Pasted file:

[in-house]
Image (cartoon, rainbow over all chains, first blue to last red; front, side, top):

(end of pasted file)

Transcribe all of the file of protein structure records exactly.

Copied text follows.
[in-house]
Image (cartoon, rainbow over all chains, first blue to last red; front, side, top):